If you have ever driven or owned a car with a turbocharged engine, then you probably know what the “Boost Pressure Sensor” is.
It is the sensor that measures the boost pressure and sends the information to the engine control unit.
However, for those who don’t have much of an idea, we will discuss the boost pressure sensor, it’s functions and how to prevent it from getting damaged in detail.
What Is a Boost Pressure Sensor?
A boost pressure sensor is a part of a turbocharged engine which measures and regulates the air pressure in the intake manifold and controls the boost level of the supercharged engine. A BPS monitors the speed and airflow pressure in the intake manifold and ensures that the engine remains at its optimum level and is receiving the ideal air and fuel supply.
A turbocharged engine without a boost pressure sensor will generate enough power that it will get damaged due to a high temperature.
The boost pressure sensor can be found inside the intake pipe near the throttle valve.
How Is a Turbocharged Engine Different from a Naturally Aspirated Engine?
Before diving into detail about the boost pressure sensor, let’s look at the difference between a regular engine and a turbocharged engine.
Every internal combustion engine uses two key ingredients: air (oxygen) and fuel. As the gas is burned by the engine, energy is generated which in turn powers the engine. The fuel relies on air supply for efficient combustion and in a regular engine, the air supply is limited. Generally, 15 times more air than fuel is required for the process.
A turbocharged engine consists of two main components: a turbine and a compressor. Both of these components spin at a ridiculously high speed and in turn allow the engine to suck in more air and generate higher power.
What Is the P0236 Code?
The OBD codes do not point out the direct component which may be facing an issue, but rather they point out to an area where the technician should look for the problem. A vehicle which generates the P0236 code indicates that there is a problem with the turbocharger boost sensor. This code is triggered when the Engine Control Module (ECM) detects that the boost pressure sensor does not match the specification as the manifold pressure sensor (MAP) or the barometric pressure sensor (BARO) when the engine is idle.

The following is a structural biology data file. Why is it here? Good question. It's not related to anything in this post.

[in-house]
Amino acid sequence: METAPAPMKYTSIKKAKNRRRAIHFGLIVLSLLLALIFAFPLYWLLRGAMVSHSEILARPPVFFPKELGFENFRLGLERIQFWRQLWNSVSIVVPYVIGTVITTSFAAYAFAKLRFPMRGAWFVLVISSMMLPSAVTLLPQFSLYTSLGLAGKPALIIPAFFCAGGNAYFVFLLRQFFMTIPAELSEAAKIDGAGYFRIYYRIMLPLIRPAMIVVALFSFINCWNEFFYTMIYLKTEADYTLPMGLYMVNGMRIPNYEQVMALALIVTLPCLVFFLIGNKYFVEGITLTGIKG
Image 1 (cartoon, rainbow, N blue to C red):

Why Does the P0236 Code Appear?
There are several reasons why the P0236 code is triggered. The most common causes are:
- The turbo boost pressure reading does not match the MAP or BARO when the engine is switched off.
- The boost pressure sensor is clogged or contaminated with dirt and debris.
- The turbo boost pressure sensor is damaged and responding relatively slower to changing pressure.
When the P0236 code is triggered, the PCM reacts by entering into an engine management failure mode, as it ignores the real manifold pressure reading and assumes another reading, limiting the engine capability. Here are some of the symptoms you might face:
- Check engine light activates
- The turbo boost will be turned off and the engine will not generate enough power
- Due to failing pressure, there would be a loss in acceleration. Check boost leak symptoms.
Fixing the P0236 Code